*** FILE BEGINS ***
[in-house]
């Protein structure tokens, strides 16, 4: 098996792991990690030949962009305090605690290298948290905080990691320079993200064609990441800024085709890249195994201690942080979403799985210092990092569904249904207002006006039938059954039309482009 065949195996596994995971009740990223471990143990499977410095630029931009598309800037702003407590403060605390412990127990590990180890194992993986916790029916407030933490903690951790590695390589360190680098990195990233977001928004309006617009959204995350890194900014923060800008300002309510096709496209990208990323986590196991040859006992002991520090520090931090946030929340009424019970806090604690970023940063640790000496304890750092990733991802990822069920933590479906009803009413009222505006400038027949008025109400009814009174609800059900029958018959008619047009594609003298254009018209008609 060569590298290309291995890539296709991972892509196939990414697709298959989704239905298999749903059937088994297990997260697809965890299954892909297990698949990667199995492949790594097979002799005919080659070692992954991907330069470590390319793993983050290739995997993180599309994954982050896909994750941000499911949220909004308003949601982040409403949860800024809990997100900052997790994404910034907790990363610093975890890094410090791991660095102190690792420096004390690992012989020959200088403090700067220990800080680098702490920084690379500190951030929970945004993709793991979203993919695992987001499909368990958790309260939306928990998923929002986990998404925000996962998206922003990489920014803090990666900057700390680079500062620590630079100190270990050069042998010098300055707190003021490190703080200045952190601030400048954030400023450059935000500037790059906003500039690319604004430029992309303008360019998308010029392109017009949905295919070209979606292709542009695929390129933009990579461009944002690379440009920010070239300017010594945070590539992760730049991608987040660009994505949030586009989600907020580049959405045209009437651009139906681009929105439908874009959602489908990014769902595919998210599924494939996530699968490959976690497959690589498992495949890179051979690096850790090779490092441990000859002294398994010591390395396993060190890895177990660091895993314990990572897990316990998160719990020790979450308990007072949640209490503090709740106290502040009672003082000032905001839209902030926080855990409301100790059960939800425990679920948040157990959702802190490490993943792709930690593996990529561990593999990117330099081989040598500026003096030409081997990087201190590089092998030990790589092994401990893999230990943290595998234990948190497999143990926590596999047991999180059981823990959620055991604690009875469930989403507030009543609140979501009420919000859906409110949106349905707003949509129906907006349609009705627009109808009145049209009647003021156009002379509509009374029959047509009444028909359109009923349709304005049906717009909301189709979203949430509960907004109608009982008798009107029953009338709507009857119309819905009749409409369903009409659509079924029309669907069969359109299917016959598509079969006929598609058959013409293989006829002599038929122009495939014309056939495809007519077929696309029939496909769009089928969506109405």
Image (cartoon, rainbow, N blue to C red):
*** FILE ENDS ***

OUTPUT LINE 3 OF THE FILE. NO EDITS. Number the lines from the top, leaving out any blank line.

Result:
Image (cartoon, rainbow, N blue to C red):